We need to find a way to bring certainty to business because we are nearly a year on from these claims being made. What is the Tánaiste's view on how we can bring that transparency and certainty to bear? Should the Central Bank be communicating with businesses that it thinks may have policies covered by business interruption insurance?

Deputy Leo Varadkar: Information on Leo Varadkar Zoom on Leo Varadkar As the Deputy states, the future growth loan scheme is working very well. It is long-term money but it is for a particular purpose where companies want to and can expand, so they would already be doing quite well. The microfinance loan for very small businesses is also going very well. The credit guarantee scheme was not doing so well but there has been a big pick-up in the past month or two. I will come back to the Deputy in writing with some of the data on availability but last week we allocated more capital to the future growth loan scheme. That may free more lending. I will write to the Deputy with the correct detail.

I should leave it to the Minister for Finance to update the Opposition on Ulster Bank and I will ensure the briefing occurs as soon as possible. As I indicated to the Deputy last week, the Central Bank has been active on the question of business interruption insurance for a long time and it assessed 250 policies, approximately half of which do not cover Covid-19. Half of the remaining policies cover it if the interruption is caused by the virus on the premises and the remaining policies cover it if the virus is in the vicinity. From speaking with people in business, I know they want the valid policies to be honoured now and for money to be paid. They are not looking forward to years of litigation or a prolonged examination by the Central Bank. They want the policies honoured and paid, and that is what I want too. I will meet representatives of the Central Bank in the next couple of weeks to see what more they can do to make that happen. I will take up the Deputy's suggestion with them as it is a good one.

Deputy Aodhán Ó Ríordáin: Information on Aodhán Ó Ríordáin Zoom on Aodhán Ó Ríordáin There are several matters I wish to raise. I hope the Tánaiste will have time to respond to my contribution either orally or in writing. The first matter is the closure of Ulster Bank and the protection of redundancy rights for workers with respect to the pandemic unemployment payment, the EU directive on the minimum wage and, finally, casual trading by-laws. The Tánaiste knows this move will substantially reduce competition in the Irish mortgage and small and medium enterprise lending markets, which come under his remit and not just that of the Minister for Finance. Currently the average interest rate for new mortgages in Ireland is more than double the EU average and the average interest rate on SME lending and consumer loans in Ireland is also considerably higher than the EU average. Customers with mortgages and business loans will be very concerned that their loans may be flogged to vulture funds. As has also been mentioned, there are 2,800 workers who will also be concerned about their future.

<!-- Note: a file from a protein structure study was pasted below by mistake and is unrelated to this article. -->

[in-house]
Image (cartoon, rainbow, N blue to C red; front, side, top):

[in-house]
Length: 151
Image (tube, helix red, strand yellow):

Will the Tánaiste set out what he feels he can do to save these 2,800 jobs as this comes under his remit? Will the State use its majority shareholding in PTSB to create a real third force in Irish banking that would benefit customers and small and medium enterprises? Will the Tánaiste confirm the transfer of undertakings for protection of employment will apply in any possible sale or acquisition of any part of Ulster Bank to an Irish bank where the Minister for Finance is a significant shareholder?

  There have been serious concerns raised by the Irish Congress of Trade Unions, ICTU, that time on the PUP does not count towards redundancy rights. The Department has stated that the matter is legally complex and it is seeking advice on it. This seemed to be clear enough when the legislation was introduced last March. The response of the Minister for Finance at the time was:

On the questions put to me by Deputies Nash and Brady, the existing provisions in Schedule 3 to the Redundancies Payment Act 1967 already provide that periods of temporary lay-offs do not break continuity of employment. This will obviously include temporary lay-off periods due to the effects of the measures required by an employer to comply with, or as a consequence of, Government policy to prevent, limit, minimise or slow the spread of infection of Covid 19. I hope that answers the questions

  That was from the Tánaiste's colleague, the Minister for Finance. Based on those assurances in the Dáil by the Minister for Finance and multiple assurances from officials, a Labour Party amendment at the time was not pressed. Unfortunately, the rights of workers are being put at risk by the failure of the Government to carry through on promises that were issued. The Government got co-operation on the emergency legislation because of that promise.

  Will the Tánaiste ensure his Department is operating under the interpretation of the law as explained by the Minister for Finance last March?


Last Updated: 26/02/2021 14:31:40 First Page Previous Page Page of 71 Next Page Last Page